Separation Anxiety: What it is & tips to help your child feel more at ease when separated from you  

By Aileen Dunbar

Do you feel like your child is glued to your leg right now and you can’t seem to catch a break? This may mean they are going through a peak in separation anxiety. In this post, I will delve into the causes of this as well as some strategies to help ease some of the anxiety your child feels when they are separated from you.  

Introduction to separation anxiety 

Separation anxiety is the feelings of fear, discomfort, and sadness that develop when a child is separated from their caregiver. It is based on that primal instinct to be with those who care for them as well as a not yet fully developed brain that is still in the process of learning that when people leave, they will return.  

When does it develop? 

  • It develops in infancy as babies start to gain an understanding of object permanence, which is an awareness that objects and people still exist even when they can’t be detected with the senses such as sight, hearing, etc. 
  • The time at which this awareness develops differs for each baby but on average, may start around the 6-month mark but then heightens at different periods such as at 9 months, 12 months, 18 months, and 24 months. 
  • The level to which each child experiences separation anxiety may be influenced by various factors including their unique temperament, birth experiences (such as if they spent any time in the NICU, for example), how a parent deals with and feels about separations, and whether they are going through developmental leaps among others.  

It is based on that primal instinct to be with those who care for them as well as a not yet fully developed brain that is still in the process of learning that when people leave, they will return.  

Strategies to help ease separation anxiety at different stages 

A. Tips during the infancy stage (6 months-12 months) 

Offer them lots of contact and closeness to help them feel more secure during this time. This could look different for each baby, but some examples are using contact or carrier naps, putting them in the carrier and/or keeping them close by to do daily tasks such as cleaning and cooking, and spending connected, distraction-free time with the baby throughout the day.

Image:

Use games to help further their understanding that even when they can’t see you, you still exist and will return. An example of one such game is “Peekaboo” where you cover your face, then uncover it to show them that even though they couldn’t see you, you were still there. Another example is “Leave and Return” where you leave the room for a moment with the baby in a safe space, and then return with a happy expression to show them that even if you leave them, you will return.  

Make sure you say goodbye before you leave instead of sneaking out to build trust and security.

Call on your village when you need a break. Since peaks in separation anxiety can be extra demanding on the primary caregiver, it is important that others in your village such as your partner if you have one or other family members can help so you can have some self-care time. Even if it is just a short break to watch your favorite show, go for a walk by yourself or have a relaxing bath, make sure you prioritise this time.  

If you are going to be leaving baby, do all you can to make it as pleasant an experience as possible. Some ways to do this are: spend quality time together before you head out; leave them with a caregiver who they are used to and comfortable with; prepare them for the transition ahead of time and tell them when you will return (ex. “After dinner tonight, Grandma will be coming over to watch you while Daddy and I go out for a bit. We will be back before bedtime.”); make sure you say goodbye before you leave instead of sneaking out to build trust and security; ensure the caretaker watching baby follows similar routines when you are gone to help baby feel more at ease.  

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